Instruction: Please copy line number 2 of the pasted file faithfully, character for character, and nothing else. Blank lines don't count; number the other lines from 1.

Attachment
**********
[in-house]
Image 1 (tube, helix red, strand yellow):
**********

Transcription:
Image 1 (tube, helix red, strand yellow):